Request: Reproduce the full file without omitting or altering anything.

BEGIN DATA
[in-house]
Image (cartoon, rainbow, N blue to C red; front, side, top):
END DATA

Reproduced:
[in-house]
Image (cartoon, rainbow, N blue to C red; front, side, top):